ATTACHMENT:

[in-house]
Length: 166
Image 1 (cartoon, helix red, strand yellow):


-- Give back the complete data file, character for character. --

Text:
[in-house]
Length: 166
Image 1 (cartoon, helix red, strand yellow):